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Nottinghamshire Area Prescribing Committee
Joint Formulary
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 Formulary Chapter 4: Central nervous system - Full Chapter
04.07.01  Expand sub section  Non-opioid analgesics and compound analgesic preparations
04.07.01  Expand sub section  Compound analgesic preparations
 note  Avoid using compound analgesic preparations wherever possible
Paracetamol
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First Choice
Green

Tablet, Soluble tablet, Injection, Liquid, Suppositories

  • Recent updates to the dosing of paracetamol and the use of intravenous preparations mean that the usual 1g four times a day may not be suitable for all. Care should be taken when dosing paracetamol for patients weighing less than 50kg, and particularly in the frail, elderly population. Patients weighing more than 50kg may also have conditions which mean a dose reduction would also be appropriate e.g. chronic alcoholism, liver dysfunction, malnutrition. [BMJ article (2010)] [NUH paracetamol podcast].
  • Suppositories - note that lower strength suppositories (less than 60mg) are unlicensed.
  • OTC
 
Aspirin
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Formulary
Green

Tablet, Tablet e/c, Tablet dispersible, Suppository

  • OTC
 
Link  Aspirin in RECOVERY trial
   
Nefopam
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Restricted Drug Restricted
Amber 2

Tablet.

  • On pain team/ renal consultant advice only. Only to be considered if paracetamol, NSAIDs and opioids are unsuitable. Unknown efficacy (see Cochrane review) and has many side effects eg nausea, nervousness, anticholinergic side effects (dry mouth, constipation, blurred vision urinary retention, light headedness, reduced cognition, hypotension etc.). Such effects are particularly bad in the elderly - who are prone to falls [See Prescqipp].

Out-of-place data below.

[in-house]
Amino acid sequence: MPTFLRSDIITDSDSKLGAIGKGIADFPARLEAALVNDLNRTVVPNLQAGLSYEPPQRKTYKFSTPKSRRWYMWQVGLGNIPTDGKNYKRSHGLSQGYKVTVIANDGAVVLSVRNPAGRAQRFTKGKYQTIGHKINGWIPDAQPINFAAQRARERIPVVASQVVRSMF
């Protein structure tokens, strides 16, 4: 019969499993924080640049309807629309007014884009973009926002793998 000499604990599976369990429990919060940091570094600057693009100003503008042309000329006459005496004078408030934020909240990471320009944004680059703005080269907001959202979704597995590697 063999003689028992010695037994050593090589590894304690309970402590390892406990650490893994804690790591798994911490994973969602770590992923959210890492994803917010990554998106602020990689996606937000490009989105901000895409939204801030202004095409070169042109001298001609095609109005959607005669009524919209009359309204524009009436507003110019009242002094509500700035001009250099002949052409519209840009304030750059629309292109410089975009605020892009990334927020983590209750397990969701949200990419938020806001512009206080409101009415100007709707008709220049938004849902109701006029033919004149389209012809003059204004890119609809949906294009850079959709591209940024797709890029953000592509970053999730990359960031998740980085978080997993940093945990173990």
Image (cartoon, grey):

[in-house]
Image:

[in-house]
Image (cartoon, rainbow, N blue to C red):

• Manufacturers advise not to crush or disperse the tablets for patients with swallowing difficulties as drug has a local anaesthetic effect. For patients with enteral tubes use tablets dispersed in water immediately prior to administration. See here for general advice on dispersing tablets.
  • Cost of common analgesics.
 
Link  Analgesic prices
Link  See unexpectedly expensive medicines list
Link  SFH one side guide to analgesia
   
Paracetamol and codeine (Co-codamol® 30/500)
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Restricted Drug Restricted
Green

Tablet, Effervescent tablet

  • Not recommended. Causes all the usual opioid side effects (constipation, drowsiness, nausea etc).
  • Usually better to use separate paracetamol, with codeine, dihydrocodeine or tramadol added only when required.
 
Link  Analgesic prices
   
Paracetamol and codeine (Co-codamol® 8/500)
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Restricted Drug Restricted
Green

Tablet, Soluble tablet.

  • Not recommended. Not enough codeine to have any effect other than cause constipation.
  • Usually better to use separate paracetamol, with codeine, dihydrocodeine or tramadol added only when required.
 
   
 ....
 Non Formulary Items
Co-proxamol

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Non Formulary
Grey
Link  MHRA safety warning: Co-proxamol